All Things New Orleans

Thursdays at 1:30 p.m. and 6:30 p.m.

WWNO’s radio magazine: a weekly half-hour of timely news, cultural features, and commentary from all corners of our city. Hosted by Jack Hopke.

This week on All Things New Orleans, host Jack Hopke speaks with Maxwell Williams, the new artistic director of Le Petit Théâtre du Vieux Carré.

Then producer Laine Kaplan-Levenson takes us to the streets of the Marigny for a second line honoring audio engineer Bill Deputy.

Jesse Hardman / WWNO

Last Sunday, longtime sound engineer Bill Deputy died of lung cancer at the age of 58. Deputy served as All Things Considered’s technical director for many years, and traveled all over the world capturing sound, including the first Mardi Gras after Hurricane Katrina in 2006.

M.S. Rau Antiques

A collection of paintings depicting women in art is opening this weekend at M.S. Rau Antiques in the French Quarter. Eileen Fleming got a preview of the images ranging from a Norman Rockwell cover of a World War One ingénue to a Renaissance Madonna and Child.

The show is called “Innocence, Temptation and Power: The Evolution of Women in Art.” It brings together more than 40 works from the world’s great artists – like Picasso, Renoir and Rockwell.

Owner William Rau says it highlights one of his own great interests.

Mallory Falk / WWNO

 

Michael "Quess?" Moore is an instructional coach at Martin Behrman Charter School. He helps teachers from all grade levels – kindergarten through eighth – develop lesson plans. Sometimes he co-leads the lessons, and sometimes he teaches them on his own. In the classroom, Moore draws on his experience as a spoken word artist.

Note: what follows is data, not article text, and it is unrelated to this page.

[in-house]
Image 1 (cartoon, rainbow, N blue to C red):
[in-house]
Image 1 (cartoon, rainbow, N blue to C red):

Support for Voices of Educators and education reporting on WWNO comes from Entergy Corporation.

On a sunny Sunday in New Orleans, barbecue stands and ice-filled coolers line a closed-off street. Central City is not a tourist zone, but people pack in — many with cameras and long lenses. A mass of color begins to move.

Emily Kaplan-Levenson / WWNO

Last weekend, Spring Break vibes descended upon the riverfront in the form of neon, midriffs and pounding bass. The BUKU Music and Art Project swarmed Mardi Gras World with big names like STS9, TV On the Radio, and A$AP Rocky, and more underground acts like Run the Jewels and Odesza, for a mostly collegiate (and younger) crowd to rejoice in. 

Nola.com The Times-Picayune Archive

Every month WWNO talks to Richard Campanella about his Cityscapes column for Nola.com. In this edition the Professor of Geography at the Tulane School of Architecture delves into the former Chinatown, and the history of Chinese-Americans in the city.

Chinese immigrants were first brought to Louisiana in hopes that they would work as inexpensive labor for sugar plantations after the Civil War. When that didn't work out, they began to move to the city.

Ian McNulty

At the intersection of St. Patrick's Day and St. Joseph's Day in New Orleans, food-centric celebrations abound, but so do some unique hazards for the unwary.


Professor John Renne of UNO Planning and Urban Studies has more on the Front Yard Initiative, a pilot program to help homeowners turn concrete into green space. The idea, he says, has social, environmental and property value impact.

New Orleans is known for its enormous Vietnamese population, one of the largest in the country. But we recently came across a story about a now-lost Chinatown in New Orleans — two of them, in fact — and how they came to be. To understand how these hubs came about, and why they disappeared, we have to rewind the clock 150 years, to the end of the Civil War.

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